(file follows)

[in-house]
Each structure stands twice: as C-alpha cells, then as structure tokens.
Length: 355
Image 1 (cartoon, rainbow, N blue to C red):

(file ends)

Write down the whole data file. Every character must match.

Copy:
[in-house]
Each structure stands twice: as C-alpha cells, then as structure tokens.
Length: 355
Image 1 (cartoon, rainbow, N blue to C red):